Do These 3 Things the Next Time You Get Criticism That Stings

October 13, 2021

Filed Under: Feedback, Growth, constructive criticism

By Art Markman

Photo Credit: Unsplash

The football coach Vince Lombardi is quoted as saying, “Practice doesn’t make perfect. Perfect practice makes perfect.” If you engage repeatedly in a behavior that is flawed, then you’re going to get really good at doing the wrong thing.

So, how do you perfect your practice? To do that, you have to get good constructive criticism of your efforts. You need someone with expertise and teaching skill to watch what you’re doing and to correct it so that your next effort is better.

Similarly, when you generate a new idea, you have to recognize that no matter how hard you work on it, there are going to be limitations in what you have thought of. Other people are going to see things that you did not. If they are truly helping you, they will point out those limitations and may even suggest alternative approaches.

Both of these are great examples of constructive criticism—the kind that all of us are lucky to get.

So, why does it feel so lousy to get this criticism when it arrives?

Even criticism that is intended only to be helpful, that is phrased kindly, and that is genuinely useful, often stings when it is delivered. Criticism that cuts to the heart of a problem points out clearly that your best effort had flaws that you either did not notice or were unable to fix on your own. In that moment, your limitations are made clear to you and you know that your colleague knows them as well.

That creates two sources of pain. First, the criticism is a blow to your self-confidence, because your effort needed improvement. Second, the criticism gnaws at your self-esteem, because at least one other person knows your limitations (and you know it).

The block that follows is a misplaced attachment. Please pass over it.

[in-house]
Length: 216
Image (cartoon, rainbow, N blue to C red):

Because you are likely to feel lousy about getting criticized at first, there are three things you have to do:

First, you have to tamp down the rising energy you’ll feel as you read the comments. The first instinct when you read a critique of your work or ideas is to defend yourself. That is natural—even well-phrased criticism feels like an attack at first. You have to suppress that urge.

There are several reasons to avoid going on the defense. You will dissuade people from engaging with you in the future if you turn an opportunity for growth into an argument. If you dig your heels in, you will find it harder to draw lessons from what people have told you later. Also, you’ll develop a reputation for believing you know more than you do, which will get in the way of future opportunities. In the moment, thank the person for their comments and say that you’ll have to think a lot about this and you appreciate their help.

Once you have fought back the urge to defend yourself, don’t expect that you’ll be able to get any benefit from the comments immediately. Just because you didn’t defend yourself doesn’t mean you’re in the right frame of mind to see the comments clearly. So, put the critique aside for a day or two. Make sure you get some sleep. (I’m not kidding. There is evidence that sleep helps you to react less strongly to emotional events.)

Once you can face the critique without feeling the heat rise, you’re ready to take a sober look at what you can do to improve your work. The fact is that what people are really going to remember about you is what you have accomplished. They will not pay as much attention to the amount of help you got along the way. So, if you get suggestions that help you to improve your skills, knowledge, and ideas, that can only help you in the long run.

If you get a lot of detailed feedback on your work, you might be prone to take that as an indication that you aren’t as brilliant as you think you are. Some of that is likely to be true. Most people are overconfident in their abilities.

At the same time, bear in mind that the better the quality of your work, the better the feedback you can get from others. If you put forward an idea that is horrible or if you display no skill at all in a performance, then experts can only shake their heads and let you know you did poorly. But, if you put forward an interesting idea or reach great heights with your skill, then there is more for an expert to critique. So, when you get a really incisive critique of your work, take a moment to recognize what an achievement it is to make another smart person think hard to give you feedback.

Finally, remember that it may get a little easier over time to handle criticism, but the sting may never go away. When I have worked hard on something and I get an expert critique, I still find that I have to smile through gritted teeth at first and express appreciation and then sleep on it for a day or two before I’m ready to learn from the comments. At least I know how my response is going to unfold.

For the original article, visit: Fast Company.

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